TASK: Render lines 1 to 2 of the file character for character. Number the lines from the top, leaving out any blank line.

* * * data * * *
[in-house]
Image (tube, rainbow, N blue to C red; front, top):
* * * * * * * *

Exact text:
[in-house]
Image (tube, rainbow, N blue to C red; front, top):